The problem with driving to Yellowknife – is you have to drive back from Yellowknife. There is no nice ‘circle route’ or anything like that. The morning we were to leave we woke up to rain…so hit the road bright and early…
and here we are…heading out of town…with one final look at that pink ‘pre-Cambrian’ rock… it was such a dismal day that we just didn’t stop….
or at least only briefly when we had to, to allow herds of Bison to cross the highway…
and for a fuel fill up at the large truck stop type gas station at Fort Providence…
then it was back to the ferry…like the ferries we encountered this past summer on the Peel and Mackenzie Rivers, these too have no ‘ramp’ but just run up onto the shoreline….
We made it across before Dave and Dianna, that is our trailer up there in the distance and these are the log skids that the ferry is docked on for the winter…..
Dave and Dianna are over there, on the far shore, in the gloom….
Our goal now was to head east, first to Hay River and then south east,into Wood Buffalo National Park, and ultimately Fort Smith…
The first stop, after getting back onto the Mackenzie Highway, was at Lady Evelyn Falls Territorial Park…it was now lunchtime and past time to stretch our legs…
You’ve probably noticed a recurring theme of this trip – Waterfalls – and in fact the Deh Cho Connection is known as the ‘Waterfall Route’.
and these are Lady Evelyn Falls as seen from the viewpoint. It was still dull and drizzly, but that didn’t deter us from taking the rather hazardous trail…
this is only just one very small section….
to where we had a ‘water level’ view of the falls…
here is another section of the trail, with Wintergreen growing alongside…in fact the vegetation was very reminiscent of what we have back here on the ‘wet coast’
here is a closer look at one of the Wintergreen flower stalks..
I’ve mentioned before the facilities found in N. W. T. Campgrounds….and there was a campground located at this spot…just had to take some pictures….
Here are the washroom/shower facilities…complete with hanging baskets – real flower – not fake…
a peek inside..
one of the shower stalls….
and back outside…the Day Use building for if the rain or the bugs get the better of you – actually I haven’t mentioned the bugs lately, they hadn’t really been an issue in Yellowknife, and besides, after a while you just sort of get used to them….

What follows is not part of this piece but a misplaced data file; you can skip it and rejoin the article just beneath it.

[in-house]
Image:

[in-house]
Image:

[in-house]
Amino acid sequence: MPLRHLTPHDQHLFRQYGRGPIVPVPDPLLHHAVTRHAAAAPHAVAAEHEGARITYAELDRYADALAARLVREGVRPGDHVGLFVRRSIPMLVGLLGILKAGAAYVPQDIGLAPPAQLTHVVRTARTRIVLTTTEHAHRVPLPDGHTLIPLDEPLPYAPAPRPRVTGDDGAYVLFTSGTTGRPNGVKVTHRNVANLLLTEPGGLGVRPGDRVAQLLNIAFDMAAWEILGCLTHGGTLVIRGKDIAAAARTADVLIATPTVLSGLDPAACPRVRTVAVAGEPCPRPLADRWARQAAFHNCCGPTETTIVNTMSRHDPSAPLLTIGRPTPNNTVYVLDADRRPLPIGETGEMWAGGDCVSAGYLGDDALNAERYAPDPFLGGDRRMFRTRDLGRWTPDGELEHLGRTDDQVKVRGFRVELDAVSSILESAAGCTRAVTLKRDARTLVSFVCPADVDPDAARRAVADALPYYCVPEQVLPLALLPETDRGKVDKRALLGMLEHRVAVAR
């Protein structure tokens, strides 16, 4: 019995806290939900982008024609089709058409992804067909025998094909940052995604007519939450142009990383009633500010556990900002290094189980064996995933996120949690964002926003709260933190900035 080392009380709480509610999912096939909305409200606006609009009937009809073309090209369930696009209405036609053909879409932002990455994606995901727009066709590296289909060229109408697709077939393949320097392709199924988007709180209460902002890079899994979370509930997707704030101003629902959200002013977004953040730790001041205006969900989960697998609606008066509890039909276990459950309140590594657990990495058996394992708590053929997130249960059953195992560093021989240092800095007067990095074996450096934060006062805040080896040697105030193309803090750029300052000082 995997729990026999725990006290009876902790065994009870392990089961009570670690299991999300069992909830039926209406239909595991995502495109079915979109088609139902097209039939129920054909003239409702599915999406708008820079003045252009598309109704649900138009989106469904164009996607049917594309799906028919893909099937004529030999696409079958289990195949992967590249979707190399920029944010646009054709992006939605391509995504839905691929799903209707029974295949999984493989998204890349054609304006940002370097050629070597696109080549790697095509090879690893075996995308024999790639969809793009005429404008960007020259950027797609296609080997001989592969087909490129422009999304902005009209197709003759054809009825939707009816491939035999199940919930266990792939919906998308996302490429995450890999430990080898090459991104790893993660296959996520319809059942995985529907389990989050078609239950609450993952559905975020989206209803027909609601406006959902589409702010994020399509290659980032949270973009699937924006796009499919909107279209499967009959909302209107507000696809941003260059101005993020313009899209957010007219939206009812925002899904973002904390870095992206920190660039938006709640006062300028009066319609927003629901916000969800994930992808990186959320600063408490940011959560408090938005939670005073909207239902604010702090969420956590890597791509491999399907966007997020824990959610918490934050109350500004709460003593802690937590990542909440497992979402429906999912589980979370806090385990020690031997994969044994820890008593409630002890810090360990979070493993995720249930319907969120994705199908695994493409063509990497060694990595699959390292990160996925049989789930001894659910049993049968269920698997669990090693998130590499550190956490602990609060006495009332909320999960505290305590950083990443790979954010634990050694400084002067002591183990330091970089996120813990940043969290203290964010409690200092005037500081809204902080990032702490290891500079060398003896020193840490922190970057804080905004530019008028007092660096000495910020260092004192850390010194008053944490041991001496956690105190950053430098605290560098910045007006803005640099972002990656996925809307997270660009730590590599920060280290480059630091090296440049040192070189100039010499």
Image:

We could have stayed here but time was going by and we had more country to cover, so headed back onto the Mackenzie highway, turning off of it at Enterprise, onto ‘The Great Slave Route’
we were now traveling through the area known as the slave lowlands.
that is Dave and Ernie out there, contemplating the ‘flatness’ of the scene…
and finally, by the time we reached the Hay River Territorial Park and Campground, in the late afternoon, the skies had cleared and the sun was once more shining. This is part of the beach at the campground and that, of course, is Great Slave Lake.
this view would be looking in the other direction…there was a much more developed beach and picnic area over there….
I can’t remember for sure, but I think we must have taken advantage of the amenities this fairly large ‘small town’ had to offer….such as a Laundromat…as I had taken this picture of our wash hung out to dry..
there is April….enjoying the sunshine…and obviously, no bugs…since we had the screen door wide open!
we now had time to sit back and relax for a bit and evaluate how the rigs were doing….apart from this ‘sandblasting’ all seemed fine.
I had time to wander around and find another ‘Lifer’…this Tennessee Warbler….
and Ernie and Dave were thrilled to discover the Hay River Shipyards, and in there, a couple of boats they had both actually worked on when they had worked in North Vancouver.
It may seem strange for there to be shipyards here….but actually the railway comes to Hay River from Alberta, and from here provisions are shipped, usually by barge, to places all along the Mackenzie River, such as Inuvik. In fact, when we had been in Inuvik, we were told that their years supply of fuel comes up the river, by barge, from Hay River, as soon as the river is navigable so the importance of this little town is immediately obvious.